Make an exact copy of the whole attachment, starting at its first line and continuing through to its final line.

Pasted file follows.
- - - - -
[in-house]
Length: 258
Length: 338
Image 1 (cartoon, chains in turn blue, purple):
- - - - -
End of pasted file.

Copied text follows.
[in-house]
Length: 258
Length: 338
Image 1 (cartoon, chains in turn blue, purple):